September 11, 2009

What's so great about two divisions anyway?

The current structure may have been put in place to encourage more results, but it hasn't quite worked out that way

Was a modern championship season ever better than the heady summer of 1995? Three teams - Warwickshire, Middlesex and Northamptonshire - fought it out from April until September, conjuring outrageous wins (they were bowled out for 46 by Essex, 59 by Surrey, conceded 527 against Nottinghamshire, and won all three games) and tugging at their supporters' heartstrings. The county treadmill never felt so alive. And a look at the table that year suggests it never felt more attacking.

Warwickshire lifted the title with 14 wins out of 17 in what was then an all-play-all format (the nostalgia!). Middlesex and Northamptonshire both won 12, while fourth-placed Lancashire won 10. Season-long four-day cricket was still a relatively new concept, it's true, and players reared on a diet of frantic three-day stuff may not have known what to do with the extra 24 hours. But even so, this was championship cricket from another era - more innocent, almost, and certainly more fun.

Now take a look at the current division one table. If Durham beat Nottinghamshire in the game that started on Wednesday at Chester-le-Street, it will be their eighth win of the season - a figure they could stretch to 10 by beating Hampshire and Worcestershire in their final two matches. That's respectable enough, but Nottinghamshire, the team vying for second place, had won three of their 14 matches going into this round of games, as had Somerset, who are third. In 1995, Kent won three matches - and finished bottom out of 18.

The process of sterilisation can be traced back to the division of the championship into two tiers at the end of the 1999 season. That summer, a fraction over two-thirds of games achieved a positive result. The year before, 71% of matches did not finish as a draw. Yet as soon as two divisions came into play in 2000, the number of draws increased: in 2000, division one produced definite results in 56% of its games, division two in 51%.

Those percentages have fluctuated since then, but last summer they dropped to a desperate 44% in division one (Durham, the deserving winners, claimed six wins out of 16) and 46% in division two (where Warwickshire, with five wins, were promoted with Worcestershire, who won six). This season, the safety-first approach has ruled once more.

In the pursuit of creating a more competitive environment - the whole point of two divisions, after all, was to cut out the dead matches - county cricket has reverted to type

There are mitigating factors at work. Fewer overs are bowled a day (96 now, 104 previously), and the covered pitches are much of a muchness. Fewer outgrounds mean fewer vagaries - counties, in keeping with modern society's no-risk ethos, are increasingly wary of risking a points fine for a substandard pitch out in the sticks. Rain has played its part (folks, we live on a small island in the north Atlantic). And an increase in prize money - for second place as well as first - means teams are inevitably more likely to settle for being runners-up.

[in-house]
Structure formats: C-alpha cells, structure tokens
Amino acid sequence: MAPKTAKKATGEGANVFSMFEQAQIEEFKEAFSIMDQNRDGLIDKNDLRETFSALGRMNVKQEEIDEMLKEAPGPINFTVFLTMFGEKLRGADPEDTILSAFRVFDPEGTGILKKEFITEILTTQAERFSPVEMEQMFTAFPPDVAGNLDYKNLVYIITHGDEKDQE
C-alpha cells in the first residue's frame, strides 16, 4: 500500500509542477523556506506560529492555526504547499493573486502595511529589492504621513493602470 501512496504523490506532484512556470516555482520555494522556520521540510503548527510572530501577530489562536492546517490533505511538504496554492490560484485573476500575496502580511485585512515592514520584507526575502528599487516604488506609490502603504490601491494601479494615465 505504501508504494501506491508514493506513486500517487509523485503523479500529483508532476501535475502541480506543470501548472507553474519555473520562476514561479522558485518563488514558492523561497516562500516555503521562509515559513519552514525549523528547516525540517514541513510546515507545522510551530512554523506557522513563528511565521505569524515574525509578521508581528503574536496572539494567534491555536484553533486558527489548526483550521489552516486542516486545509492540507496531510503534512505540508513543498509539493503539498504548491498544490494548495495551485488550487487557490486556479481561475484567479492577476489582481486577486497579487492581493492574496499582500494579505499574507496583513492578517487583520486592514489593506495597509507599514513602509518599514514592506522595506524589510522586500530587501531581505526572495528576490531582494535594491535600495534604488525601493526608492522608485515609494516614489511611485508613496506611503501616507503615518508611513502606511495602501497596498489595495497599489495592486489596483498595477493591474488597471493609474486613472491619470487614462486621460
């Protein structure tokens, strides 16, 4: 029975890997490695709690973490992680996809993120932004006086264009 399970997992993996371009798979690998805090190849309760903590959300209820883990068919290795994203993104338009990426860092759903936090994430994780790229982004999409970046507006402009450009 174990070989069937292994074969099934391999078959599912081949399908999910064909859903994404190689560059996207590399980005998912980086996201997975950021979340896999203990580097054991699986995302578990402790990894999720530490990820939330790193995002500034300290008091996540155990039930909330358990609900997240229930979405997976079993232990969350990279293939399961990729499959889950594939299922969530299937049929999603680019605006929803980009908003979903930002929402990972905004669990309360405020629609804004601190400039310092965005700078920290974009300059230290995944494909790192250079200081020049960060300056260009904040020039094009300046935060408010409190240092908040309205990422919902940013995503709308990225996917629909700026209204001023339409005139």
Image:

But, well, you get the system you deserve, and in the pursuit of creating a more competitive environment - the whole point of two divisions, after all, was to cut out the dead matches - county cricket has reverted to type. Logically, this is understandable: if you have half as many rivals in each division, you are twice as likely to want to deny them the chance of a win.

But it needn't be this way - and neither should it. It's no coincidence that two of the most adventurous county captains of recent times were not English: Shane Warne of Hampshire and Stephen Fleming of Nottinghamshire were both prepared to risk defeat in order to win. And while that isn't necessarily a philosophy that would find much favour with too many international captains, it seems fair to say England's style of cricket tends to be more conservative than most. Witness the delayed declarations in Antigua (when West Indies finished nine down in their second innings) and Trinidad (eight down).

The enervating effect of the ridiculous bonus-points system is partly to blame, but then you can hardly criticise the counties for playing the system. Last summer Kent won two more games than Yorkshire, but were relegated because Yorkshire had achieved 20 more batting points than they had over the course of the summer. To which you may be tempted to say: bully for them. And there have been times when Somerset, it seems, have been happy to produce belters at Taunton and set their stall out for a handy 12 points (five for scoring 400 in the first innings, three for taking nine wickets or more, and four for the inevitable draw).

Durham will be very worthy winners this season, and their story is a cricketing rags-to-riches to rival any. But in 1995 - the summer of Dermot Reeve, Allan Donald, Mark Ramprakash, John Emburey, Allan Lamb and Anil Kumble - the side finishing 10th, Worcestershire, won six matches. This year, that would easily be enough for second place. Scrap two divisions and the dreaded bonus points and we could just have a competition on our hands again.

Lawrence Booth writes on cricket for the Daily Mail. His fourth book, What Are The Butchers For? And Other Splendid Cricket Quotations, is published in October 2009 by A&C Black

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